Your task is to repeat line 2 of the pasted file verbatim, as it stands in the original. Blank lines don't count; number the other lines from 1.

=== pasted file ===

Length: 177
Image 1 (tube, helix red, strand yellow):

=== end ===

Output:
Image 1 (tube, helix red, strand yellow):